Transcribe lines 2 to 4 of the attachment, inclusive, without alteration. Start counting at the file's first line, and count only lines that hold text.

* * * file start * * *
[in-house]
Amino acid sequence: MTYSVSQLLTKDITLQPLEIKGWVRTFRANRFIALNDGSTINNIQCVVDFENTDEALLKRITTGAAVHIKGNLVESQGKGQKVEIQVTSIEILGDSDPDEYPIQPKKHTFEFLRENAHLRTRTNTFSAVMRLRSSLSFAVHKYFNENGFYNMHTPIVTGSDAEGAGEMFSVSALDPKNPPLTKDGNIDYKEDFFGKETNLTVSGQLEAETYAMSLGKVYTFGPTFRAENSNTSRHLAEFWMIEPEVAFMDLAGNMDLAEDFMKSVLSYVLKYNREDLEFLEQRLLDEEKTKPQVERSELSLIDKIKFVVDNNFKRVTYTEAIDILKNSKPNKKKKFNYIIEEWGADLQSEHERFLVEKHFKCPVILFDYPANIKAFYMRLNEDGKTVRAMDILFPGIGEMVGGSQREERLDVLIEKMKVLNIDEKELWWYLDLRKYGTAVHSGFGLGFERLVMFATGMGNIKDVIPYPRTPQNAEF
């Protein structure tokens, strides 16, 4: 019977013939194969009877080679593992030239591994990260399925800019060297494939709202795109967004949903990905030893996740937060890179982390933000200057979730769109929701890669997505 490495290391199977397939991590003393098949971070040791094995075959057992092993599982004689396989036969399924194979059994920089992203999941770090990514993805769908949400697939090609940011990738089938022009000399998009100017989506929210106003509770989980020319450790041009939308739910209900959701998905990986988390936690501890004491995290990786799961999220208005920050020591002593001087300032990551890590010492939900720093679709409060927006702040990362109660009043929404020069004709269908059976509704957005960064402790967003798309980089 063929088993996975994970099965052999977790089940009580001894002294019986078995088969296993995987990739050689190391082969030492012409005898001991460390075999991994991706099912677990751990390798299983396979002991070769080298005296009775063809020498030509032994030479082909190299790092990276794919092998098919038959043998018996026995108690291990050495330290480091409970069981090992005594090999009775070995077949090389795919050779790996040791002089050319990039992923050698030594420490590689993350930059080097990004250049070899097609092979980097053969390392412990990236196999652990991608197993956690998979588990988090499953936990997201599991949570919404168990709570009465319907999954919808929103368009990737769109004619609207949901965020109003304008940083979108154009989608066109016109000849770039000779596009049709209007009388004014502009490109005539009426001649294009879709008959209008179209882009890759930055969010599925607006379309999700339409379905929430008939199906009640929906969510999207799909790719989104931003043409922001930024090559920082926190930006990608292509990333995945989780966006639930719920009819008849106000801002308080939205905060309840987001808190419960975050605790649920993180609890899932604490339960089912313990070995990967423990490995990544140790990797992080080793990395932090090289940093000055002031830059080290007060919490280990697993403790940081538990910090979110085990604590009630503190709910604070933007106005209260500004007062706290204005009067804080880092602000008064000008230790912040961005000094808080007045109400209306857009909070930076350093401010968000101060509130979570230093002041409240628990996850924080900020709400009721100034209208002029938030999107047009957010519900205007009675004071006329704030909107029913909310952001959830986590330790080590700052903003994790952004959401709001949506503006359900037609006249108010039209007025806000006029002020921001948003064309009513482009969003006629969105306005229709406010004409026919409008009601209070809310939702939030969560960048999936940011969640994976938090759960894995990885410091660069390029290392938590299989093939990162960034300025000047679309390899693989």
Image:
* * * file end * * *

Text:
Amino acid sequence: MTYSVSQLLTKDITLQPLEIKGWVRTFRANRFIALNDGSTINNIQCVVDFENTDEALLKRITTGAAVHIKGNLVESQGKGQKVEIQVTSIEILGDSDPDEYPIQPKKHTFEFLRENAHLRTRTNTFSAVMRLRSSLSFAVHKYFNENGFYNMHTPIVTGSDAEGAGEMFSVSALDPKNPPLTKDGNIDYKEDFFGKETNLTVSGQLEAETYAMSLGKVYTFGPTFRAENSNTSRHLAEFWMIEPEVAFMDLAGNMDLAEDFMKSVLSYVLKYNREDLEFLEQRLLDEEKTKPQVERSELSLIDKIKFVVDNNFKRVTYTEAIDILKNSKPNKKKKFNYIIEEWGADLQSEHERFLVEKHFKCPVILFDYPANIKAFYMRLNEDGKTVRAMDILFPGIGEMVGGSQREERLDVLIEKMKVLNIDEKELWWYLDLRKYGTAVHSGFGLGFERLVMFATGMGNIKDVIPYPRTPQNAEF
């Protein structure tokens, strides 16, 4: 019977013939194969009877080679593992030239591994990260399925800019060297494939709202795109967004949903990905030893996740937060890179982390933000200057979730769109929701890669997505 490495290391199977397939991590003393098949971070040791094995075959057992092993599982004689396989036969399924194979059994920089992203999941770090990514993805769908949400697939090609940011990738089938022009000399998009100017989506929210106003509770989980020319450790041009939308739910209900959701998905990986988390936690501890004491995290990786799961999220208005920050020591002593001087300032990551890590010492939900720093679709409060927006702040990362109660009043929404020069004709269908059976509704957005960064402790967003798309980089 063929088993996975994970099965052999977790089940009580001894002294019986078995088969296993995987990739050689190391082969030492012409005898001991460390075999991994991706099912677990751990390798299983396979002991070769080298005296009775063809020498030509032994030479082909190299790092990276794919092998098919038959043998018996026995108690291990050495330290480091409970069981090992005594090999009775070995077949090389795919050779790996040791002089050319990039992923050698030594420490590689993350930059080097990004250049070899097609092979980097053969390392412990990236196999652990991608197993956690998979588990988090499953936990997201599991949570919404168990709570009465319907999954919808929103368009990737769109004619609207949901965020109003304008940083979108154009989608066109016109000849770039000779596009049709209007009388004014502009490109005539009426001649294009879709008959209008179209882009890759930055969010599925607006379309999700339409379905929430008939199906009640929906969510999207799909790719989104931003043409922001930024090559920082926190930006990608292509990333995945989780966006639930719920009819008849106000801002308080939205905060309840987001808190419960975050605790649920993180609890899932604490339960089912313990070995990967423990490995990544140790990797992080080793990395932090090289940093000055002031830059080290007060919490280990697993403790940081538990910090979110085990604590009630503190709910604070933007106005209260500004007062706290204005009067804080880092602000008064000008230790912040961005000094808080007045109400209306857009909070930076350093401010968000101060509130979570230093002041409240628990996850924080900020709400009721100034209208002029938030999107047009957010519900205007009675004071006329704030909107029913909310952001959830986590330790080590700052903003994790952004959401709001949506503006359900037609006249108010039209007025806000006029002020921001948003064309009513482009969003006629969105306005229709406010004409026919409008009601209070809310939702939030969560960048999936940011969640994976938090759960894995990885410091660069390029290392938590299989093939990162960034300025000047679309390899693989």
Image: